Parents in Pennsylvania are typically required to support their children until they reach the age of majority. In the event of a divorce, the noncustodial parent may be required to make child support payments to the custodial parent. However, it is possible for a custodial parent to either ask that support be terminated or return payments to the noncustodial parent.
It should be noted that those who are on government assistance may not be able to put a stop to child support payments. However, payments may stop if the parents of a child get back together as there would be no reason to continue them. In the event that a parent does ask a judge to terminate or suspend child support payments, that judge may try to talk that parent out making such a decision.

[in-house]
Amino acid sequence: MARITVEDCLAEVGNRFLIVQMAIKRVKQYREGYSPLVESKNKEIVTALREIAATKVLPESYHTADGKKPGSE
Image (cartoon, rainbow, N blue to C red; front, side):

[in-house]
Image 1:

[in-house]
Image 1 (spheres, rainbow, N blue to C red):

This is because providing financial support is in the best interest of the child. Therefore, it may be necessary for those who no longer want it to defend their decision in court. In the event that either parent's financial situation has changed, it may be possible to ask the court for a modification to a current support order. In such a scenario, a judge will review financial and other information before issuing a ruling.
There are many penalties that an individual may be subject to for failure to make child support payments. These penalties may apply even if a parent may not be able to afford his or her support obligations. An attorney may help an individual obtain a child support modification order. However, even if a modification is granted, it may not erase any back support that may be owed. This may be true even if the other parent does not pursue those back payments.